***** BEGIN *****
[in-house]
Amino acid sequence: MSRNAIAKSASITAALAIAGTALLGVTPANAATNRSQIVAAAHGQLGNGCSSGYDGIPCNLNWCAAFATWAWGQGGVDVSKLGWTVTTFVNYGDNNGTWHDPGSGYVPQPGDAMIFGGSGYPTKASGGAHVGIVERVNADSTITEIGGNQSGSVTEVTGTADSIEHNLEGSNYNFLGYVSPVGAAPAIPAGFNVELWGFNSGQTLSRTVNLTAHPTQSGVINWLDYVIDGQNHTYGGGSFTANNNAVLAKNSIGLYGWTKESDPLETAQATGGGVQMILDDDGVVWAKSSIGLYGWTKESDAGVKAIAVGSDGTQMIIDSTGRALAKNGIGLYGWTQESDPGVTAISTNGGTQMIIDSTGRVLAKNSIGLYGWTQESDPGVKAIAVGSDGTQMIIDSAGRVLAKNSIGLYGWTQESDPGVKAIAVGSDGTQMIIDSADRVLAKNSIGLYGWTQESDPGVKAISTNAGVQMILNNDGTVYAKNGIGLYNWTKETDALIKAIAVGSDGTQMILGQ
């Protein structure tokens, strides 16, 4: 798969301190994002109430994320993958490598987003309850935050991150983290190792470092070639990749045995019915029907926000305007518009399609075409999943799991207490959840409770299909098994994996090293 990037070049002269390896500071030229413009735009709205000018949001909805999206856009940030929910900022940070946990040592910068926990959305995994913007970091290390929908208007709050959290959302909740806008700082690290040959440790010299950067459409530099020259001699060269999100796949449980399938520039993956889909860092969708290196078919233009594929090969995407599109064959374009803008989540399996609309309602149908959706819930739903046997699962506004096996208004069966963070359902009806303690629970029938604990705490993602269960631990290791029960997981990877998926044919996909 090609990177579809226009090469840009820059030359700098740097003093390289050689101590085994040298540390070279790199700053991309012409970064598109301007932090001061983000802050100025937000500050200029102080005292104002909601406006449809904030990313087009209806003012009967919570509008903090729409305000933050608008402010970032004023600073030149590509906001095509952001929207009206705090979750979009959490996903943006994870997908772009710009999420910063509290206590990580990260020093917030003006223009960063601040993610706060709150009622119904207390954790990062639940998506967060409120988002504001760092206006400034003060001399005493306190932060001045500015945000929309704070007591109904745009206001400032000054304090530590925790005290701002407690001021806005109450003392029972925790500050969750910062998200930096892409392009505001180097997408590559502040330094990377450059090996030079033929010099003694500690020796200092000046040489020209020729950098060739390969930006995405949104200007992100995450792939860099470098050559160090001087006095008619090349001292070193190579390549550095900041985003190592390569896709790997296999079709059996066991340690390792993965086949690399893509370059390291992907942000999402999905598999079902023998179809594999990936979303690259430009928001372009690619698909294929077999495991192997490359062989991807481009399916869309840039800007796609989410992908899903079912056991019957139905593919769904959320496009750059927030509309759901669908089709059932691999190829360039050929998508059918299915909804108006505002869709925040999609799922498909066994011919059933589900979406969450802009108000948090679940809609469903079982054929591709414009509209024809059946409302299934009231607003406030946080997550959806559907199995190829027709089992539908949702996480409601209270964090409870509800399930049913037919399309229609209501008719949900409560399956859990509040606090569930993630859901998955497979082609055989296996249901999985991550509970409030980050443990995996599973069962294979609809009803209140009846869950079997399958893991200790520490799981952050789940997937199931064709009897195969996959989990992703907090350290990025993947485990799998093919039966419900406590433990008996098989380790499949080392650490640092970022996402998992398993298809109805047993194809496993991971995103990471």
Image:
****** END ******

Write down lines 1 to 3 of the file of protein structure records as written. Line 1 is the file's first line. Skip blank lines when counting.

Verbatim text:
[in-house]
Amino acid sequence: MSRNAIAKSASITAALAIAGTALLGVTPANAATNRSQIVAAAHGQLGNGCSSGYDGIPCNLNWCAAFATWAWGQGGVDVSKLGWTVTTFVNYGDNNGTWHDPGSGYVPQPGDAMIFGGSGYPTKASGGAHVGIVERVNADSTITEIGGNQSGSVTEVTGTADSIEHNLEGSNYNFLGYVSPVGAAPAIPAGFNVELWGFNSGQTLSRTVNLTAHPTQSGVINWLDYVIDGQNHTYGGGSFTANNNAVLAKNSIGLYGWTKESDPLETAQATGGGVQMILDDDGVVWAKSSIGLYGWTKESDAGVKAIAVGSDGTQMIIDSTGRALAKNGIGLYGWTQESDPGVTAISTNGGTQMIIDSTGRVLAKNSIGLYGWTQESDPGVKAIAVGSDGTQMIIDSAGRVLAKNSIGLYGWTQESDPGVKAIAVGSDGTQMIIDSADRVLAKNSIGLYGWTQESDPGVKAISTNAGVQMILNNDGTVYAKNGIGLYNWTKETDALIKAIAVGSDGTQMILGQ
């Protein structure tokens, strides 16, 4: 798969301190994002109430994320993958490598987003309850935050991150983290190792470092070639990749045995019915029907926000305007518009399609075409999943799991207490959840409770299909098994994996090293 990037070049002269390896500071030229413009735009709205000018949001909805999206856009940030929910900022940070946990040592910068926990959305995994913007970091290390929908208007709050959290959302909740806008700082690290040959440790010299950067459409530099020259001699060269999100796949449980399938520039993956889909860092969708290196078919233009594929090969995407599109064959374009803008989540399996609309309602149908959706819930739903046997699962506004096996208004069966963070359902009806303690629970029938604990705490993602269960631990290791029960997981990877998926044919996909 090609990177579809226009090469840009820059030359700098740097003093390289050689101590085994040298540390070279790199700053991309012409970064598109301007932090001061983000802050100025937000500050200029102080005292104002909601406006449809904030990313087009209806003012009967919570509008903090729409305000933050608008402010970032004023600073030149590509906001095509952001929207009206705090979750979009959490996903943006994870997908772009710009999420910063509290206590990580990260020093917030003006223009960063601040993610706060709150009622119904207390954790990062639940998506967060409120988002504001760092206006400034003060001399005493306190932060001045500015945000929309704070007591109904745009206001400032000054304090530590925790005290701002407690001021806005109450003392029972925790500050969750910062998200930096892409392009505001180097997408590559502040330094990377450059090996030079033929010099003694500690020796200092000046040489020209020729950098060739390969930006995405949104200007992100995450792939860099470098050559160090001087006095008619090349001292070193190579390549550095900041985003190592390569896709790997296999079709059996066991340690390792993965086949690399893509370059390291992907942000999402999905598999079902023998179809594999990936979303690259430009928001372009690619698909294929077999495991192997490359062989991807481009399916869309840039800007796609989410992908899903079912056991019957139905593919769904959320496009750059927030509309759901669908089709059932691999190829360039050929998508059918299915909804108006505002869709925040999609799922498909066994011919059933589900979406969450802009108000948090679940809609469903079982054929591709414009509209024809059946409302299934009231607003406030946080997550959806559907199995190829027709089992539908949702996480409601209270964090409870509800399930049913037919399309229609209501008719949900409560399956859990509040606090569930993630859901998955497979082609055989296996249901999985991550509970409030980050443990995996599973069962294979609809009803209140009846869950079997399958893991200790520490799981952050789940997937199931064709009897195969996959989990992703907090350290990025993947485990799998093919039966419900406590433990008996098989380790499949080392650490640092970022996402998992398993298809109805047993194809496993991971995103990471």